Tsegaye Kebede smashes the men’s course record with 2:04:38, while Atsede Baysa prevails in a thrilling finish to the women’s race
Tsegaye Kebede made history by becoming the first Ethiopian winner of the men’s race in the Bank of America Chicago Marathon as well as becoming the first runner to break the 2:05-barrier on this course.
He clocked 2:04:38 as another Ethiopian, Atsede Baysa, took the women’s race in 2:22:03.
The 2010 London Marathon champion was always prominent as the leading group of 15 athletes passed through the halfway point in 62:54, which was identical to Moses Mosop’s split when he set the course record of 2:05:37 last year.
The leading pack momentarily fell off course-record pace through 25km in 1:14:34 (Mosop 1:14:15 last year), but Kebede soon started to test the leading group. While Mosop covered the 25-35km split in 29:01, Kebede brought the course record back into view with a sprightly 28:48 10km split.
The only athletes who could contend with Kebede’s injection of pace were team-mates Tilahun Regassa and Feyisa Lelisa as well as sub-59 half-marathoner Sammy Kitwara from Kenya, who was enjoying a much better run after dropping out on his debut in Rotterdam in April with a calf strain.
Regassa had a nibble at the lead just after 35km but he soon found himself cast adrift from the leaders along with Kitwara as Kebede maintained the pace through 40km in 1:58:02.
While Mosop covered 35-40km last year in 15:17, Kebede covered the previous 5km in 14:40 and the last 15km in 43:28. By this point, the leading duo were now 31 seconds under course-record pace and for the first time, sub-2:05 looked feasible.
Kebede soon forged a narrow gap over Lelisa, the world bronze medallist, at 41km and the 2008 Olympic marathon bronze medallist extended his advantage to 14 seconds. His second half was timed at 61:43, which would have sufficed for a top-six finish at yesterday’s World Half-marathon Championships!
Lelisa, who was a distant 10th in London last spring, finished second and comfortably inside the previous course record at 2:04:52 while Regassa’s 2:05:27 for third represented a great debut.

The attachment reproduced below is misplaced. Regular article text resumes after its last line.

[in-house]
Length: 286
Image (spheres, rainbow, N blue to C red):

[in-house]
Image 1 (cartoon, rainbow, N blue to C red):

Kebede’s performance put further scrutiny on the decision by the Ethiopian selectors to exclude him from their Olympic marathon team.
Dathan Ritzenhein finally did himself justice over 26.2 miles as he improved his PB from 2:09:55 to 2:07:47 to finish as the leading American in ninth.
Baysa outlasts Jeptoo in exciting women’s tussle
Further success for Ethiopia came in the women’s race as former runner-up Atsede Baysa became just the second Ethiopian winner after Berhane Adere prevailed in 2006 and 2007.
Baysa was locked together with former Boston Marathon champion Rita Jeptoo as the finish-line approached, but the 25-year-old inched ahead of the Kenyan in the closing metres.
Even though her victory was by no means a clear-cut one, Baysa still put her arms aloft as she crossed the line in 2:22:04. Her time was then later rounded down to 2:22:03 which was an outright PB as she also ran 2:22:04 to win the Paris Marathon in 2010.
Despite the lack of noteworthy results in the immediate build-up, Jeptoo had the better of her compatriots as she finished second in a PB of 2:22:04 with sub-2:20 performer Lucy Kabuu third in 2:22:41.
Expectations on reigning three-time champion Liliya Shobukhova from Russia were not particularly high this year as she has been suffering from injuries all season. Under the circumstances, her fourth in 2:22:59 was a respectable showing.